from the FAS Project on Government Secrecy
Volume 2012, Issue No. 72
July 20, 2012

Secrecy News Blog:


The latest report from the National Declassification Center features notable improvements in interagency collaboration in declassifying records, along with increased efficiency and steadily growing productivity. Even so, the declassification program will almost certainly miss its presidentially-mandated goal of eliminating the backlog of 25 year old records awaiting declassification by December 2013.

The new NDC report puts on a brave face and presents an upbeat account of its achievements to date.

"As of June 30, 2012, we have assessed 90% of the backlog. Quality assurance evaluation and processing for declassification prior to final segregation and indexing have been completed on 55% of that 90%," the report says. Of the records that have been fully processed, 82% have been approved for public release.

Yet the awkward fact remains that only around 50 million pages of the original 370 million page backlog have been fully processed in the past two and a half years. The prospect that declassification of the remaining 320 million pages will somehow be completed in the next 18 months as ordered by President Obama in 2009 is quickly receding.

It is shocking -- or it ought to be -- that the classification system is not fully responsive to presidential authority. Beyond that, the impending failure to reach the assigned goal is an indication that current declassification procedures are inadequate to the task at hand.

While the NDC has already achieved some difficult changes in declassification policy, something more is evidently needed.

Potential changes that could be adopted include self-canceling classification markings that require no active declassification; depopulation of the obsolete Formerly Restricted Data category for certain types of nuclear weapons information, which complicates declassification without any added security benefit; and the surrender of agency "equity" or ownership in government records after a period of time so as to enable third-party (or automatic) declassification of the records.

These and other changes in declassification policy could be placed on the action agenda by the forthcoming report to the President from the Public Interest Declassification Board.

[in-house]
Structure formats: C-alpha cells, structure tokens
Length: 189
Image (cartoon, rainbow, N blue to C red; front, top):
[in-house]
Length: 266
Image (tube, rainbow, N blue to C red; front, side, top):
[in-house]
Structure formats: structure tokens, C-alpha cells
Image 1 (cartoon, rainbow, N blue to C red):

Following a closed House Armed Services Committee hearing on leaks yesterday, the Department of Defense issued a statement outlining its multi-pronged effort to deter, detect and punish unauthorized disclosures of classified information.

"The Department of Defense has taken a comprehensive approach to address the issue of national security leaks," the statement said. "Personnel in all components are continuously working to protect classified information and identify those who do not uphold their obligations to protect national defense information."

Several of the steps announced have previously been described and implemented, such as new guidance on protection of classified information and physical restrictions on use of portable media to download classified data. Other measures involve new tracking and reporting mechanisms, and the ongoing implementation of an "insider threat" detection program.

Although many of these changes originated in response to WikiLeaks-type disclosures of DoD information two years ago, their repackaging now might serve to diffuse congressional anger over more recent high-profile leaks, and to preempt more extreme legislative responses.

The new DoD statement does not admit any valid role for unauthorized disclosures under any circumstances.

To the contrary, the Secretary of Defense affirmed that the Assistant Secretary for Public Affairs is the "sole release authority for all DoD information to news media in Washington."

In other words, DoD Public Affairs is the only legitimate source for defense news and information. It follows that freedom of the press means the unfettered ability of reporters to write about what the DoD Public Affairs Officer says.


Both as a matter of humanitarian principle and as sound military strategy, U.S. military forces should strive to minimize civilian casualties in military operations, according to new U.S. Army doctrine published on Wednesday.

"In their efforts to defeat enemies, Army units and their partners must ensure that they are not creating even more adversaries in the process," the new publication states.

"Focused attention on CIVCAS [civilian casualty] mitigation is an important investment to maintain legitimacy and ensure eventual success. Failure to prevent CIVCASs will undermine national policy objectives as well as the mission of Army units, while assisting adversaries."

So, for example, "When Army units are establishing and maintaining wide area security, it may be more important to minimize CIVCAS than to defeat a particular enemy."

However, "While CIVCAS mitigation efforts can greatly reduce CIVCASs, it is unreasonable to expect that CIVCASs can be completely eliminated in all instances. When CIVCASs occur, the most important part of the response is to determine the facts of the incident, including the numbers and severity of CIVCASs."

"Recognizing that they are in a constant information battle with their adversaries regarding CIVCASs and other issues, Army units should maintain a consistent pattern of truthfulness and timeliness."

"Army investigations [of civilian casualty incidents] should strive for integrity, credibility, and inclusion of external perspectives.... Immediate and broad denial of reports without complete and accurate information in hand can undermine credibility, especially if the investigation finds reports [of civilian casualties] were correct."

See "Civilian Casualty Mitigation," ATTP 3-37.31, July 2012:


Secrecy News is written by Steven Aftergood and published by the Federation of American Scientists.

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